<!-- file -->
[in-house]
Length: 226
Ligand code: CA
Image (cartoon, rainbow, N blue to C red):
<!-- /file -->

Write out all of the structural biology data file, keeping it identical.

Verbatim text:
[in-house]
Length: 226
Ligand code: CA
Image (cartoon, rainbow, N blue to C red):